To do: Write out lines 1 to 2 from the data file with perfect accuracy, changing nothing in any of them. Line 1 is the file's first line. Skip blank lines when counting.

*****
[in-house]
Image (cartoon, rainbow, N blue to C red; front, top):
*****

[in-house]
Image (cartoon, rainbow, N blue to C red; front, top):